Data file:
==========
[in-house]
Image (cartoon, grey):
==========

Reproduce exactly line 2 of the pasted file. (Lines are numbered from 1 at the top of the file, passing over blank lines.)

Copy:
Image (cartoon, grey):